Where to Bird - updated June 2011
United States of America -- Alaska
Discover the top birding locations in Alaska. Find out more about Alaska Bird Clubs and Birding Organizations in Alaska. Print out a checklist of Alaska birds. Find the Rare Bird Alert Phone Numbers for Alaska. Order books to help you become a better birder in Alaska. Discover links to Alaska Birding web sites. Print out special maps of Alaska before you begin your trip.
Birds of Special Interest: Arctic Loon, Fork-tailed Storm Petrel, Red-faced Cormorant, Trumpeter Swan, Common Eider, Stellar's Eider, Northern Goshawk, Gyrfalcon, Spruce Grouse, Willow Ptarmigan, Rock Ptarmigan, Bristle-thighed Curlew, Bar-tailed Godwit, Rock Sandpiper, Glaucous Gull, Aleutian Tern, Thick-billed Murre,Kittlitz's Murrelet, Ancient Murrelet, Parakeet Auklet, Tufted Puffin, Horned Puffin, Short-eared Owl, Boreal Owl, Three-toed Woodpecker, Alder Flycatcher, Northwestern Crow, Arctic Warbler, Bohemian Waxwing, Northern Wheatear, Bluethroat, Yellow Wagtail, Rusty Blackbird, White-winged Crossbill, Hoary Redpoll.
|State Bird: Willow Ptarmigan
University of Fairbanks
NPWRC Bird Checklists - Alaska
Species Seen in Alaska: 492
State Ornithological Society:
Rare Bird Alerts:
(907) 451-9213 Fairbanks
Eagle Chat (Juneau)
Retail Birding Stores
|Birding Links for Alaska:
Alaska Bird Observatory
Alaska Bird Watching
Alaska National Parks
Alaska Forest Service
Chilkat Bald Eagle Preserve
Homer Alaska Shorebird Festival
Birding Locations Around Anchorage
Birding on the Denali Highway
St. Paul Island
Prince William Sound
US Fish & Wildlife Service Refuges
Audubon Chapters in Alaska
Anchorage Audubon Society
Arctic Audubon Society
Juneau Audubon Society
Kodiak Audubon Society
Boreal Partners in Flight
The Nature Conservancy
Pete Thayer's Favorite Hot Spots:
53.00 N 173.60 E
You can see the end of the world from here. Rare migrants for those trying to see 700 birds in North America. Outward bound type conditions -- for the truly possessed birder only!
71.20 N 156.60 W
Not much diversity, but what is here is spectacular. All four Eiders including Spectacled Eider and Steller's Eider. Breeding plumaged Sandpipers and Phalaropes are here, too.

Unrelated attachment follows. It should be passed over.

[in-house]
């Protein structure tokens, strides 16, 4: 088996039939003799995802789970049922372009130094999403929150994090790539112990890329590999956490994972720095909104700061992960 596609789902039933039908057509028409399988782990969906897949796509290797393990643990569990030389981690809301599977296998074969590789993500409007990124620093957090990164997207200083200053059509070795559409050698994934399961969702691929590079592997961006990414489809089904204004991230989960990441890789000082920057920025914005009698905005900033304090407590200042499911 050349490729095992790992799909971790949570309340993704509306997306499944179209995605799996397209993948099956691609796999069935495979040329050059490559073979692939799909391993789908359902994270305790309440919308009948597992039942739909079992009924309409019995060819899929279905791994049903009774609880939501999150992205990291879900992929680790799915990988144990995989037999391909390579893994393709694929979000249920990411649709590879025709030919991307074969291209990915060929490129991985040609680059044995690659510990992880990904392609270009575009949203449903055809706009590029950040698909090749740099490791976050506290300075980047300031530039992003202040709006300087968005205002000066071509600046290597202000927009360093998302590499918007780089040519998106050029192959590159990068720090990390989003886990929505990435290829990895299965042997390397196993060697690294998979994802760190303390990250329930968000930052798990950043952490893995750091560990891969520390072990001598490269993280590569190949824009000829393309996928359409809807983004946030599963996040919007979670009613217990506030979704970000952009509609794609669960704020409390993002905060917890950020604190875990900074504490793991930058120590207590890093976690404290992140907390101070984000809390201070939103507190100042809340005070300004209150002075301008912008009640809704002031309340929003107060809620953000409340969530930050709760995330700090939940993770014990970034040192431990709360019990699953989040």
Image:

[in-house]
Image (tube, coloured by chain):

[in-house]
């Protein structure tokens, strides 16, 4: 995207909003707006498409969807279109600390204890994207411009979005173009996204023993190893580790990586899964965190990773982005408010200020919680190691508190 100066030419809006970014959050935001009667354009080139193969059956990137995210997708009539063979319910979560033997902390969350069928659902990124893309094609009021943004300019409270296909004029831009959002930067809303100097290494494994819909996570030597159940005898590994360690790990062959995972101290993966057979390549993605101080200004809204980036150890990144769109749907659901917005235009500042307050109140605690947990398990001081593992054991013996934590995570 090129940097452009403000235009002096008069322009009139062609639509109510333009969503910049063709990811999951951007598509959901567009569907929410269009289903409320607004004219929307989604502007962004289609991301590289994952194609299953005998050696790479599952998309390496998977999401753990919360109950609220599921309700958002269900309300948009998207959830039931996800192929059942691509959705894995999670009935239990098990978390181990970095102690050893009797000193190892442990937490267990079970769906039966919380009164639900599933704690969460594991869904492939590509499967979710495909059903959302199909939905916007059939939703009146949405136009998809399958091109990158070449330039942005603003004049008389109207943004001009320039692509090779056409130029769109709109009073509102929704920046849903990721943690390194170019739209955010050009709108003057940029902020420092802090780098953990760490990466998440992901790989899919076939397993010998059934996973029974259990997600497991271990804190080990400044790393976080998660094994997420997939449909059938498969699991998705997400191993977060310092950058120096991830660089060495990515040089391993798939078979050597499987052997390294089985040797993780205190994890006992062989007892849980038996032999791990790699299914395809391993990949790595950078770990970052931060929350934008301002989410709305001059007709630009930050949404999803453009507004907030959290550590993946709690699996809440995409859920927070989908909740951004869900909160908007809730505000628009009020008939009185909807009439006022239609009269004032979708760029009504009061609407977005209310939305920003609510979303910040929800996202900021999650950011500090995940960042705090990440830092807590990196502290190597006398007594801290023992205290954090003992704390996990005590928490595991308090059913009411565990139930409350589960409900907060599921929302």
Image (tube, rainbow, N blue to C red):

59.30 N 135.00 W
See thousands of Bald Eagles near Skagway from October through January as they assemble here to feast on salmon.
Copper River Delta
60.50 N 144.90 W
Would you believe 20 million shorebirds and waterfowl a month moving through during spring migration!! Be there at the end of April and the beginning of May.
Denali National Park (Mt. McKinley)
62.48 N 150.15 W
Arctic Warbler, Ptarmigans, Northern Goshawk, Gyrfalcon, and Northern Wheatear are all possible. Good birding between Talkeetna and the park. Inside Denali, travel is by shuttle-bus. You will see lots of mammals, too.
Kenai Peninsula (Anchorage-Homer)
59.39 N 151.33 W
A 240 mile drive full of northern specialties. Watch for Boreal Chickadee, Bohemian Waxwing and Spruce Grouse in Chugach National Forest. Red-faced Cormorants, all 3 Scoters, and Wandering Tattler at Kachemak Bay.
64.40 N 165.20 W
Fly into Nome in early June. You will have 22 hours of daylight for birding! Look for Glaucous Gull, Black-legged Kittiwake and Arctic Tern along the waterfront. Try Taylor Road (beyond Mile 73) for Bluethroat and Bristle-thighed Curlew.
57.10 N 170.30 W
St. Paul Island is your destination. You are almost sure to find a fantastic Asian migrant plus Parakeet, Crested and Least Auklets. Watch for McKay's Bunting, Bar-tailed Godwit, and Rock Sandpiper.
St. Lawrence Island (Gambell)
63.70 N 171.70 W
Perpetual inclement weather. Many Asian strays and semi-regular migrants. Perhaps you will see Yellow-billed and Arctic Loon; Spectacled Eider; Wagtails; Ross's and Ivory Gull; or a Red-throated Pipit.